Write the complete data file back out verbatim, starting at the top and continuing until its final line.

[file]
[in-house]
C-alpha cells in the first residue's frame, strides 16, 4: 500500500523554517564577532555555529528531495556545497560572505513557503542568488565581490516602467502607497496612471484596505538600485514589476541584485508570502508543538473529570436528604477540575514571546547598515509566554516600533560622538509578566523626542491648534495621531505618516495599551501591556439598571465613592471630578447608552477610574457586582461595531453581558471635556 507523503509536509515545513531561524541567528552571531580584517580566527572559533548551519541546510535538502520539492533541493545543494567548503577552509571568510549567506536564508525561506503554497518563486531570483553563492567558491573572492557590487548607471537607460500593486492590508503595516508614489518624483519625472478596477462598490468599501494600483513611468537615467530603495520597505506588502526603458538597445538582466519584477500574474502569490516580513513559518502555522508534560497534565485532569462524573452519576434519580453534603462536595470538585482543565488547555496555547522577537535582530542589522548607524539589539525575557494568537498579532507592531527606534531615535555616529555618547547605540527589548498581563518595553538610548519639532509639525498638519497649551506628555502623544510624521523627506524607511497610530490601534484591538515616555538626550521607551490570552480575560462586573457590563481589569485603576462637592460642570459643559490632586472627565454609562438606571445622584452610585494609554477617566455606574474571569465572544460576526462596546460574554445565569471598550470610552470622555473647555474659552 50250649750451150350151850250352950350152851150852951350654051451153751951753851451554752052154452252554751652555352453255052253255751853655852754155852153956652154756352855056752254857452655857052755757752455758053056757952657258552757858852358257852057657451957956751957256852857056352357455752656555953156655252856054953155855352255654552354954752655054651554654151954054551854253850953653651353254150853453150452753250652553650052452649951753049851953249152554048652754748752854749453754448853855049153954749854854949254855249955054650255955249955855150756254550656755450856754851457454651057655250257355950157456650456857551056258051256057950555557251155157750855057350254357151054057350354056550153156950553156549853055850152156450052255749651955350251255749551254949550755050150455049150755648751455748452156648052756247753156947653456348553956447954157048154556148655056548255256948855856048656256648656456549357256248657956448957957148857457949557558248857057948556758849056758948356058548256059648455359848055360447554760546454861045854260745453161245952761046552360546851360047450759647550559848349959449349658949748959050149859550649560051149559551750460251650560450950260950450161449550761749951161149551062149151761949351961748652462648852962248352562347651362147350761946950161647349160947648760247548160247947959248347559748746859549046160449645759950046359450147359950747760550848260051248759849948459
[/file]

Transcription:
[in-house]
C-alpha cells in the first residue's frame, strides 16, 4: 500500500523554517564577532555555529528531495556545497560572505513557503542568488565581490516602467502607497496612471484596505538600485514589476541584485508570502508543538473529570436528604477540575514571546547598515509566554516600533560622538509578566523626542491648534495621531505618516495599551501591556439598571465613592471630578447608552477610574457586582461595531453581558471635556 507523503509536509515545513531561524541567528552571531580584517580566527572559533548551519541546510535538502520539492533541493545543494567548503577552509571568510549567506536564508525561506503554497518563486531570483553563492567558491573572492557590487548607471537607460500593486492590508503595516508614489518624483519625472478596477462598490468599501494600483513611468537615467530603495520597505506588502526603458538597445538582466519584477500574474502569490516580513513559518502555522508534560497534565485532569462524573452519576434519580453534603462536595470538585482543565488547555496555547522577537535582530542589522548607524539589539525575557494568537498579532507592531527606534531615535555616529555618547547605540527589548498581563518595553538610548519639532509639525498638519497649551506628555502623544510624521523627506524607511497610530490601534484591538515616555538626550521607551490570552480575560462586573457590563481589569485603576462637592460642570459643559490632586472627565454609562438606571445622584452610585494609554477617566455606574474571569465572544460576526462596546460574554445565569471598550470610552470622555473647555474659552 50250649750451150350151850250352950350152851150852951350654051451153751951753851451554752052154452252554751652555352453255052253255751853655852754155852153956652154756352855056752254857452655857052755757752455758053056757952657258552757858852358257852057657451957956751957256852857056352357455752656555953156655252856054953155855352255654552354954752655054651554654151954054551854253850953653651353254150853453150452753250652553650052452649951753049851953249152554048652754748752854749453754448853855049153954749854854949254855249955054650255955249955855150756254550656755450856754851457454651057655250257355950157456650456857551056258051256057950555557251155157750855057350254357151054057350354056550153156950553156549853055850152156450052255749651955350251255749551254949550755050150455049150755648751455748452156648052756247753156947653456348553956447954157048154556148655056548255256948855856048656256648656456549357256248657956448957957148857457949557558248857057948556758849056758948356058548256059648455359848055360447554760546454861045854260745453161245952761046552360546851360047450759647550559848349959449349658949748959050149859550649560051149559551750460251650560450950260950450161449550761749951161149551062149151761949351961748652462648852962248352562347651362147350761946950161647349160947648760247548160247947959248347559748746859549046160449645759950046359450147359950747760550848260051248759849948459